Chapter 8 Nervous System (pictures)

Homeostasis
metabolic equilibrium actively maintained by several complex biological mechanisms that operate via the autonomic nervous system to offset disrupting changes
Central Nervous System
Central Nervous System
the portion of the vertebrate nervous system consisting of the brain and spinal cord
Peripheral Nervous System
Peripheral Nervous System
the section of the nervous system lying outside the brain and spinal cord
Cranial Nerves
12 pairs of nerves arising from the brain
Spinal Nerves
Spinal Nerves
31 pairs of nerves arising from the spinal cord
Effector
Effector
an organ (a gland or muscle) that becomes active in response to nerve impulses
Somatic Nervous System
the division of the peripheral nervous system that controls the body’s skeletal muscles
Autonomic Nervous System
the part of the nervous system of vertebrates that controls involuntary actions of the smooth muscles and heart and glands
Visceral Nervous System
another name for ANS, controls smooth muscle, cardiac muscle, and glands
Sympathetic Nervous System
the division of the autonomic nervous system that arouses the body, mobilizing its energy in stressful situations
Parasympathetic Nervous System
the division of the autonomic nervous system that calms the body, conserving its energy
Biofeedback
using of feedback about biological conditions to bring involuntary responses, such as blood pressure and relaxation, under voluntary control
Neuron
a cell that is specialized to conduct nerve impulses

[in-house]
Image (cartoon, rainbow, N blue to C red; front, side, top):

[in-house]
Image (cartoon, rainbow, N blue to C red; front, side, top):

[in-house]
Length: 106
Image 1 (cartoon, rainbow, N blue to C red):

Dendrites
Dendrites
the bushy, branching extensions of a neuron that receive messages and conduct impulses toward the cell body
Axons
Axons
a part of a neuron that carries impulses away from the cell body
Myelin
Myelin
a fatty substance that helps insulate neurons and speeds the transmission of nerve impulses
Schwann cells
Schwann cells
Specialized cells that myelinate the fibers of neurons found in the PNS
Nodes
Nodes
Part of the neuron that ion flow occurs across the membrane; action potential jumps from one of these to the next; located on the myelin sheath; sole location of ion transfer
Myelin Sheath
a layer of fatty tissue segmentally encasing the fibers of many neurons; enables vastly greater transmission speed of neural impulses as the impulse hops from one node to the next
Neurilemma
Neurilemma
additional sheath external to myelin that is formed by Schwann cells and found only on axons in the peripheral nervous system
White fibers
White fibers
myelinated axons
Gray matter
Gray matter
Brain and spinal cord tissue that appears gray with the naked eye; consists mainly of neuronal cell bodies (nuclei) and lacks myelinated axons.
White Matter
White Matter
whitish nervous tissue of the CNS consisting of neurons and their myelin sheaths
Sensory Neurons
Sensory Neurons
neurons that carry incoming information from the sense receptors to the central nervous system
afferent neurons
afferent neurons
Neurons that transmit messages from sense organs to the central nervous system.
Motor Neurons
Motor Neurons